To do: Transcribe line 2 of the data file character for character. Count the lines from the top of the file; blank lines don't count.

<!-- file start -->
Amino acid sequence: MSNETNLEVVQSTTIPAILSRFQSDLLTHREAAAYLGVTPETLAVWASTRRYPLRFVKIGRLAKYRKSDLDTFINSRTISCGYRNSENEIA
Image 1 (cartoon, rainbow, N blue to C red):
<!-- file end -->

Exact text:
Image 1 (cartoon, rainbow, N blue to C red):